Migrants from the former Soviet Union (FSU) are not the primary target group of eight out of the ten most relevant political Internet sites evaluated. The administrators of these sites more often stated that their website was designed for Russian speaking users in host and home countries as well as people interested in Russian culture and politics (for details see Seveker 2007). In contrast, nine out of ten of the surveyed Turkish administrators indicated that their primary target group consists of persons of Turkish origin, who now live in Germany. Five administrators stated that they also address web users of German origin. One administrator explained that his site was supposed to serve as 'a forum for exchange of experiences and opinions of all German speaking Turks, all their friends and those who are interested in them'. The analysis of the Kurdish websites showed that these sites are not primarily designed for Kurds in Germany, but for Kurds everywhere in the world or people interested in the Kurdish issues. Since many of these websites are blocked by the governments in Iran, Syria or Turkey, it can be assumed that the Kurdish websites are not commonly used for communication between migrants and the inhabitants in the country of origin.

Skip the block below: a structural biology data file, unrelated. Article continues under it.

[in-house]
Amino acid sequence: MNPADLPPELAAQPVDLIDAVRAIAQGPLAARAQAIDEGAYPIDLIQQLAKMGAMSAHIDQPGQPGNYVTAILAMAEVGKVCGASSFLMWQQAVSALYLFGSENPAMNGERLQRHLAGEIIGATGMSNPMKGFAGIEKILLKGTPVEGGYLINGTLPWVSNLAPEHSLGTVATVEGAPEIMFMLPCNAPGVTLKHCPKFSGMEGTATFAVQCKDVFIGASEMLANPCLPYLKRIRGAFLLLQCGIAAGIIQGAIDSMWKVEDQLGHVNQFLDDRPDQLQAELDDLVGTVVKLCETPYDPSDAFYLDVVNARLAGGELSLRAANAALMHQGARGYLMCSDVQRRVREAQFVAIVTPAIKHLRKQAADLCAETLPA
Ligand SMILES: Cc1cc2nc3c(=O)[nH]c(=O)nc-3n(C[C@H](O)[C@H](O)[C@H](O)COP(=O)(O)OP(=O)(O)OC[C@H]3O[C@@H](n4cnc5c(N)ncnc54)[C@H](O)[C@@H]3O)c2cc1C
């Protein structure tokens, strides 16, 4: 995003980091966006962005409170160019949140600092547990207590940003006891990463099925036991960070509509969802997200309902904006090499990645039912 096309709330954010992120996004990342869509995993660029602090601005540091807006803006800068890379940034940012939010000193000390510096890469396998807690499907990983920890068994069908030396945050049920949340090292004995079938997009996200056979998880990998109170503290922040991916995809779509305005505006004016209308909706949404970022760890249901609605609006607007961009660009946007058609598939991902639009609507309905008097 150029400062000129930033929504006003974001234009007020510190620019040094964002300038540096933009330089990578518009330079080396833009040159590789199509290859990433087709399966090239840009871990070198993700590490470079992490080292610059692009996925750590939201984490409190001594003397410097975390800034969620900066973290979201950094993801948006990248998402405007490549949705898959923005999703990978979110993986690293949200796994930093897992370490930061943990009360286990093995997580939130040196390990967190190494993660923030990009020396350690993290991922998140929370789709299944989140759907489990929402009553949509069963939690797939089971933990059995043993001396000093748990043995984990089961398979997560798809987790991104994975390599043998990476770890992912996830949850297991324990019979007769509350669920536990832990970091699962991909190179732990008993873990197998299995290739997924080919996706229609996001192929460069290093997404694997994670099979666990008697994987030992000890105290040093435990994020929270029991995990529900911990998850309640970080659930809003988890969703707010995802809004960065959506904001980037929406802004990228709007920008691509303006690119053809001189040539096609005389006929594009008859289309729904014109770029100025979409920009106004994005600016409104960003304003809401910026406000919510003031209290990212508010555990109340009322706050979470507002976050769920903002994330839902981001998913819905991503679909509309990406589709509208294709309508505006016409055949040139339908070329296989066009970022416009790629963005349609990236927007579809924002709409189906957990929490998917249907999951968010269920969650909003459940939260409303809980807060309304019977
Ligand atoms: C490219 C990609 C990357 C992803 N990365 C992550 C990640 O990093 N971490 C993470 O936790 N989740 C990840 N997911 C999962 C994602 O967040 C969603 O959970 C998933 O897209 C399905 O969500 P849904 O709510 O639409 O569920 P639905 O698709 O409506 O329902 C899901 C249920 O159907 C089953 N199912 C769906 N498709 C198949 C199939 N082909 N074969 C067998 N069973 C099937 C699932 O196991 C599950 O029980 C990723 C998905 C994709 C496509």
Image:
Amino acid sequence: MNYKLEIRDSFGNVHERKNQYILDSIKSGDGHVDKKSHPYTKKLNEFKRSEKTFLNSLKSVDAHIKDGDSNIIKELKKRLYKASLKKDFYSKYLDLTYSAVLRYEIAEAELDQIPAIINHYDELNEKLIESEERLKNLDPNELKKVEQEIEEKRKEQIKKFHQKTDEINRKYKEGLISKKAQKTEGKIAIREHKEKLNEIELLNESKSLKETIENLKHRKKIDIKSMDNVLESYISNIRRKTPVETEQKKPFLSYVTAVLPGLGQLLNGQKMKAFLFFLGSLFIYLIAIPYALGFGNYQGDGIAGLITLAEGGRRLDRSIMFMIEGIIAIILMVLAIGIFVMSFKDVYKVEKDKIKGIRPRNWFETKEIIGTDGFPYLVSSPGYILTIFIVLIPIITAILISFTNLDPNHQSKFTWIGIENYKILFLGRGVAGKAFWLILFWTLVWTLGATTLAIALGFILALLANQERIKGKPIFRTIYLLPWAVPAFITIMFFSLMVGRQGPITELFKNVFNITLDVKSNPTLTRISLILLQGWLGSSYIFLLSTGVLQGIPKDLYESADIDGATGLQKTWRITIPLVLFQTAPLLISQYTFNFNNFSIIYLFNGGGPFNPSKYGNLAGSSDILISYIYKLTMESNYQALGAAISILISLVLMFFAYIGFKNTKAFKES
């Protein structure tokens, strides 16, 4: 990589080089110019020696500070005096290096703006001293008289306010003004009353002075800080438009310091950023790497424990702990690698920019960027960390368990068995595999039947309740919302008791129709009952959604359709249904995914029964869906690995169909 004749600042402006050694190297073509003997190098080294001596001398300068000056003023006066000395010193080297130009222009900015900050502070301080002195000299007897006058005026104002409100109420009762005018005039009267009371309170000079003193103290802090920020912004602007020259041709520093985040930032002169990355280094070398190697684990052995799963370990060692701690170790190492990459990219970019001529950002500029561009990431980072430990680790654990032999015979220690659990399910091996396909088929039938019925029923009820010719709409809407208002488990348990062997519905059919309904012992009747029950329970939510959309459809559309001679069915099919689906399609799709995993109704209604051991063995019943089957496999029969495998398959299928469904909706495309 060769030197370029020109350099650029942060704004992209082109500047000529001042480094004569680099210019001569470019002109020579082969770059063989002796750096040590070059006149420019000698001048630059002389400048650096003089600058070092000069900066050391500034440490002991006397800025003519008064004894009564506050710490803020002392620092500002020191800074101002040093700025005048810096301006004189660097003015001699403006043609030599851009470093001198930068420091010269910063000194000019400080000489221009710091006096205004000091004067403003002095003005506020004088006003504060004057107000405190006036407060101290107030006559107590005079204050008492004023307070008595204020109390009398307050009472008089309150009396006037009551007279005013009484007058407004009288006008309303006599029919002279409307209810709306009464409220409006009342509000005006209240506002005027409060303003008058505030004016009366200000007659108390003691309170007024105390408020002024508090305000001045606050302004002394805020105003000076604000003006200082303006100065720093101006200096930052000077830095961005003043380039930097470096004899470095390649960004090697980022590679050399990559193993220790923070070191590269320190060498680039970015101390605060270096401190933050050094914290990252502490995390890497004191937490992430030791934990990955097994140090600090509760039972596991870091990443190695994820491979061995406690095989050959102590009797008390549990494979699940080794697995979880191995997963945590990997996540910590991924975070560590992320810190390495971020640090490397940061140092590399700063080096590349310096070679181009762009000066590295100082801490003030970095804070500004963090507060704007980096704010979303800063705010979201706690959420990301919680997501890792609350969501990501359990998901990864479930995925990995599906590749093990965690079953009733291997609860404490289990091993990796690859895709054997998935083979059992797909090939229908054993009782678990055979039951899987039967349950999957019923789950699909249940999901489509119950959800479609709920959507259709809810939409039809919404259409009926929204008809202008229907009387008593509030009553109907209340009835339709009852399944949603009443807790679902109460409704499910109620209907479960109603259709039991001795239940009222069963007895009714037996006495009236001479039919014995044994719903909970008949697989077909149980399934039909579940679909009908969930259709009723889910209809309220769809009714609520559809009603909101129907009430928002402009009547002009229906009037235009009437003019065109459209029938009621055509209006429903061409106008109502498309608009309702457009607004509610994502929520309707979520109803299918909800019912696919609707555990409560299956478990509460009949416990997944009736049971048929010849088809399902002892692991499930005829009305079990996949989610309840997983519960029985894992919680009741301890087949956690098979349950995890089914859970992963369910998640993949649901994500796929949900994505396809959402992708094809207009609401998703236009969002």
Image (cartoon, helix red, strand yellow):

On the majority of websites political issues concerning the country of origin as well as the country of residence are commented on, but viewing each migrant group separately clear discrepancies become evident (for details see table 1). More than 50 percent of the evaluated Post-Soviet websites concentrate on international topics. In contrast, political topics with reference to Germany count for 19 percent, and nine percent of the websites concentrate solely on Post-Soviet topics. The emphasis of the analyzed Turkish websites lies on German politics. 50 percent have a dominant political reference to the migrants' host country. Roughly 17 percent of the websites refer to political developments in Turkey. Political information from both countries is offered by 32 percent of the web pages. Kurdish sites show a strong focus on the Kurdish "cause". 28 percent focus exclusively on this topic; their "Kurdish nationalism" stands out strongly. 70 percent of the websites deal with political events in their host country, but only whenever these are linked to Kurdish interests or incidents in the Kurdish areas in the Middle East.
Table 1: Geographical references to political topics on the analyzed websites Total(N=309) Post-Soviet Turkish Kurdish...